Princeton’s electrical engineering program, started in 1889 as one of the first in the United States, remains at the forefront of the field, with research aimed at improving human health, energy and environmental systems, computing and communications, and security. Specific areas of research include the physics of semiconductors; electronic and optical devices; the design of computers and networks; materials science and nanotechnologies; algorithms and structures for information; and biological technologies.

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  • Iain McCulloch named Andlinger Center director, joins Princeton faculty

  • Three head-and-shoulders portraits.

    Princeton expands its commitment to research and education in quantum science and engineering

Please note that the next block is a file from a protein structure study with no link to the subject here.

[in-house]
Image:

• Andrea Goldsmith addressing students at opening ceremony.

    Dean welcomes students to an exciting era for engineering

  • Linking two solar technologies is a win-win for efficiency and stability

  • Four graduate students gather around professor Jeff Thompson in the lab, with a quantum computer behind them and figures displayed on the screen.

    A new route to a quantum internet

  • Three people in a room with industrial equipment. Two are looking up at machines in front of them; the other is looking at the people next to him and smiling.

    Formerly incarcerated students dive into engineering research


  • September 29

    10:00 am

    Magneto-optical Enhancement for Spectroscopic Methods: High-finesse Cavity Spectroscopy and Dual Comb Spectroscopy

  • October 02

    4:30 pm

    The In-plane Photoelectric Effect – A New Opportunity for Efficient Terahertz Detection.

  • October 16

    2:00 pm

    Training Deep Neural networks with In-Memory Computing